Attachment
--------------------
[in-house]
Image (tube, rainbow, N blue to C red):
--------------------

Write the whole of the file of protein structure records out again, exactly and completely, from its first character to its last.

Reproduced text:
[in-house]
Image (tube, rainbow, N blue to C red):